Specimen Stamps of the Australian
The William McCredie Collection
Wednesday 22nd June 2011
"... the most comprehensive
collection of its type ever formed,
featuring some of the most prized
specimen stamps of the British Empire."
We are privileged to be offering the collection of Specimen
Stamps of the Australian Colonies formed by the late William (Bill)
McCredie. Compiled over the past twenty years and exhibited
successfully both in Australia and overseas, this is almost certainly the most
comprehensive collection of its type ever formed. It covers not only stamps
overprinted ‘Specimen’, but also all the issues distributed as specimen stamps
to U.P.U. members, as well as stamps sold in collectors’ sets.
The collections of each Colony include an example of the
Perkins, Bacon stamps with ‘CANCELLED’ obliteration which were
prepared at the instigation of Ormond Hill in 1861. Six examples of each stamp
were prepared, and presented to various colleagues, including his uncle, Rowland
Hill - hence the stamps have become known as the “Rowland Hill CANCELLED”
stamps. These are amongst the most prized specimen stamps of the British Empire,
and the McCredie collection includes examples of the New South Wales 1/-,
Queensland (6d) Registered, South Australia 1d, Tasmania 4d, Victoria 6d and
Western Australia 1/- (Fig.
New South Wales includes a virtually complete
range of all the specimen overprint types and the stamps on which they occur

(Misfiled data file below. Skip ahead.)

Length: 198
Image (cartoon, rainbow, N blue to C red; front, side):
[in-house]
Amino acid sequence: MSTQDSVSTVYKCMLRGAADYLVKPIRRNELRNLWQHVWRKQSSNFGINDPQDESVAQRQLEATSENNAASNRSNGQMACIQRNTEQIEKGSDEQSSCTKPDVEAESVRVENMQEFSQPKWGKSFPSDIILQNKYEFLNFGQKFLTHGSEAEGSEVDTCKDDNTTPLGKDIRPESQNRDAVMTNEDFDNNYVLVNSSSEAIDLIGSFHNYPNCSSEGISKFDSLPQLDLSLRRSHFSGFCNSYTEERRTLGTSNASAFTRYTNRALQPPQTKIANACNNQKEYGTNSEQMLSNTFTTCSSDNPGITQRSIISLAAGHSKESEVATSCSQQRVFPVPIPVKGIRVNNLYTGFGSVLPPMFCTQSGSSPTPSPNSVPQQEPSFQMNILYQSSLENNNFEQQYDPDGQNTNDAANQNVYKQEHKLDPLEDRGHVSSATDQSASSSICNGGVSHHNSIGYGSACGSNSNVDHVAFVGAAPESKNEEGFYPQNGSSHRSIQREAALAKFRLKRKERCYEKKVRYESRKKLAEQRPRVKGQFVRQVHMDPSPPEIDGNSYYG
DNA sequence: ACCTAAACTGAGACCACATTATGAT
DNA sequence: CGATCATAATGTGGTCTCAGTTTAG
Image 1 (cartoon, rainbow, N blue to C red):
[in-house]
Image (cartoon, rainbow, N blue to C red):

from their introduction in the 1860s. Among the scarcest items are overprints on
the De La Rue 1d applied by the Company in London (Fig. 2),
as well as an imperforate De La Rue 2d with manuscript ‘Specimen’
3). There is also a comprehensive selection of the ‘REPRINT’
overprints, as well as sets of the OS stamps with both ‘GPO’ and ‘NSW’
concentric oval cancellations, both prepared in very limited numbers. There are
complete sheets of the (6d) Registered, 5/- Coin and £1 ‘POSTAGE’ overprint with
‘REPRINT’ overprint, and of the 5/- Centennial with ‘SPECIMEN’ overprint, all
from the Australia Post archival sales, and almost certainly the only complete
sheets in private hands.
In Queensland, the Chalons are all represented
with various overprint types, which were applied in several different colours.
The same applies to the Bradbury Wilkinson high values and the later
surface-printed issues. Throughout there are essays and plate proofs with
specimen overprints or endorsements. The scarce ‘CANCELLED’ overprints are
present, and the later c.t.o. material completes the picture. Amongst the
scarcer material are the 1900 Charity stamps overprinted with different
‘SPECIMEN’ types (Fig. 4)
5), and in c.t.o. blocks of six (ex Australia Post archives),
believed to be the largest multiples in private hands. There are also sets of
the various Stamp Duty issues.
Highlighting South Australia is a wonderful
range of the overprints found on the 1886 Postage & Revenue “Long” stamps.
All the recorded overprint types are present, mostly in complete sets or on all
denominations known. The U.P.U. overprint is in strips of five, there are
examples of manuscript endorsements, the later Melbourne c.t.o. stamps are also
present, and there are four different sets on printed sheets as prepared for
sale to collectors (Fig. 6).
The other South Australian issues are all represented, including a number of
scarce multiples, a series of colour trials for the De La Rue ½d and 2d, and
c.t.o. stamps of the Federal period. There is a very comprehensive range of
‘REPRINT’ overprints, including multiples and collectors’ sheets.
Tasmania features four reprint sheets of the
Courier stamps, the 1d and 4d Plates I and II in colour, and the 4d Plate II in
black. The ‘SPECIMEN’ overprints on the De La rue issues are represented in
blocks, as are the ‘REPRINT’ overprints, which include blocks of 60 of the St.